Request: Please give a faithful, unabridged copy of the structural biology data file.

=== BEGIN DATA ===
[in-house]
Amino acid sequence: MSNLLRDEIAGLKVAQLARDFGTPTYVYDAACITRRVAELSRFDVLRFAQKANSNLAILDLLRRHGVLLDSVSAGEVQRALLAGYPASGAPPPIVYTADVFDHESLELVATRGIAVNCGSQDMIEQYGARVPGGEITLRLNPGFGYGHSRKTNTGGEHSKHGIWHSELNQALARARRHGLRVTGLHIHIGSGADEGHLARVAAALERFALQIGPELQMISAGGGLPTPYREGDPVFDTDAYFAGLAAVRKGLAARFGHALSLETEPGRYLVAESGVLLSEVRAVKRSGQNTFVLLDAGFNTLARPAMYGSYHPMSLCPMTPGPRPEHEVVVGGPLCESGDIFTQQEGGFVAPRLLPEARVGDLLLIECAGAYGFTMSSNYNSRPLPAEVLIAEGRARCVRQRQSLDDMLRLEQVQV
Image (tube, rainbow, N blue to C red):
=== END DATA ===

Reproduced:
[in-house]
Amino acid sequence: MSNLLRDEIAGLKVAQLARDFGTPTYVYDAACITRRVAELSRFDVLRFAQKANSNLAILDLLRRHGVLLDSVSAGEVQRALLAGYPASGAPPPIVYTADVFDHESLELVATRGIAVNCGSQDMIEQYGARVPGGEITLRLNPGFGYGHSRKTNTGGEHSKHGIWHSELNQALARARRHGLRVTGLHIHIGSGADEGHLARVAAALERFALQIGPELQMISAGGGLPTPYREGDPVFDTDAYFAGLAAVRKGLAARFGHALSLETEPGRYLVAESGVLLSEVRAVKRSGQNTFVLLDAGFNTLARPAMYGSYHPMSLCPMTPGPRPEHEVVVGGPLCESGDIFTQQEGGFVAPRLLPEARVGDLLLIECAGAYGFTMSSNYNSRPLPAEVLIAEGRARCVRQRQSLDDMLRLEQVQV
Image (tube, rainbow, N blue to C red):